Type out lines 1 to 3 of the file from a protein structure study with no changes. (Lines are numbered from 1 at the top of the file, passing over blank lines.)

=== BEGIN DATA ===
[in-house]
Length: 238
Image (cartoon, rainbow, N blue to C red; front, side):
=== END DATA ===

[in-house]
Length: 238
Image (cartoon, rainbow, N blue to C red; front, side):